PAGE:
We're all for celebrating major strides in gender diversity and equality in the workplace, but we also can't deny that much work remains. The tech industry, in particular, still has a rocky track record when it comes to addressing gender inequality, a fact most recently highlighted in one anonymous male Google engineer's now viral anti-diversity manifesto.
Sparking outrage across the web and prompting a response from Danielle Brown, Google's vice president of diversity, integrity, and governance, the misguided 10-page memo accused the tech giant of forcing its ideological biases upon its employees and claimed that biological differences that are "universal across human cultures" were to blame for Silicon Valley's gender gap, notes Quartz.
The only problem with this claim? It's flat-out wrong, according to Quartz, which unearthed a 2009 study conducted by economists at Chicago and Maryland Universities. In observing the Khasi people in northeastern India and the Maasai people in Africa, the researchers discovered that in cultures where women have control over their community's wealth, they can actually be more competitive than men.
Noting that women have few rights in the Maasai's patriarchal society compared to the Khasi, where women inherit property and status and men are expected to work for their wives and her family, the study conducted an experiment in which women and men were asked to throw a tennis ball into a basket 10 times. If they decided to compete, the participants were offered the choice between a single payment of approximately 40 U.S. cents or the chance to earn three times as much if they beat their competition.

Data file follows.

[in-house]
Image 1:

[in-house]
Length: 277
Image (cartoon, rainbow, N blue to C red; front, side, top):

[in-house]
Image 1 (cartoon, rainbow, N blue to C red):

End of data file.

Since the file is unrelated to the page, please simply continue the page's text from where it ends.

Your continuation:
Authors Uri Gneezy, Kenneth Leonard, and John List found that among the Maasai, only half of the men and a quarter of the women opted to compete. However, the results were completely opposite for the Khasi women and men: 54% of the women participated as opposed to 39% of the men.
While the researchers note that other factors including genetics could also be at play and that there are limitations to comparing only two cultures, they conclude that "it is not universally true that the average female in every society avoids competition more often than the average male in that society because we have discovered at least one setting in which this is not true."
Thanks to this story for confirming what we already know: that women are not genetically or biologically inferior to men and that regardless of our differences, they're in no way an excuse for sexism in the office—or anywhere else.
What are your thoughts on the study's findings and the Google anti-diversity manifesto?